Sirius Minerals, the company behind a proposed £1.7bn potash mine in the North York Moors National Park, said it is making “exceptional progress” with its plans to build the simplest, lowest risk and most sustainable development.
In half year results yesterday the group reported a cash balance of £36.8m which will be used for the drilling programme and feasibility studies.
The bulk of the drilling campaign is complete, with a final hole being drilled at the proposed shaft location on farmland near Sneaton.
Sirius said it is on schedule to complete pre-construction activities by mid-2013.
The group reported a £6.1m post-tax loss in the six months to September 30 as a result of drilling and other project development costs.
This was an increase from a loss of £2.3m in the same period in 2011 and reflects higher levels of drilling.
Sirius chairman Russell Scrimshaw said: “Sirius continues to rapidly advance the York Potash Project.
“We are focussed on the delivery of the key foundations for a long-term, environmentally sustainable, safe and economically attractive fertiliser business. This is an exciting and ground-breaking time.”
Sirius said that high-grade deposits of potash have far exceeded initial estimates.
Tests show the potash seam extends to 2.2bn tonnes of polyhalite, the potash ore which would be targeted in the mining operation and a source of potassium, sulphur, magnesium and calcium. This is 70 per cent more than the previously estimated amount. Drilling work has pinpointed one of the world’s most extensive seams of the mineral, which is a key component in fertiliser.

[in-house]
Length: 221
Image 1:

A planning application for the mine is due to be submitted by the end of the year. The mine is expected to create more than 1,000 jobs and a further 4,000 jobs in the wider economy.
Drilling will start next month to provide additional geological information and geotechnical data for the shaft design and mine plan.
Initial mine designs show the company intends to conceal the mine surface facilities.
“These designs deliver on our long-standing commitment to the local community of a low impact and world-leading mine facility for the York Potash Project,” said Mr Scrimshaw.
He added that extensive public consultation on these plans has resulted in “wide ranging and broad support” for the proposals.
“We received over 1,000 feedback forms and these showed an almost unprecedented level of positive support at 91 per cent, with just one per cent against,” he said.
The group said it has received a positive response from business groups, the regional tourism agency, local councils and MPs.
“The team continues to make exceptional progress as we refine both the detailed engineering design and strategy for the York Potash Project to create the simplest, lowest risk and most sustainable long-term development model,” added Mr Scrimshaw.
Sirius expects to release the findings of a Project Study Update for the initial production of granulated polyhalite early next month.
Mr Scrimshaw said that the finance team is looking at a number of ways to finance the project.
“We believe we have a strong and experienced team confident of obtaining the funding needed to build the York Potash Project,” he said.
Analyst Ash Lazenby, at Liberum Capital, commented: “We anticipate significant reductions in capital expenditure and operating expenditure from previous design proposals, as sale of granular polyhalite would require a simple crushing and screening process, without the more energy-intensive production route.”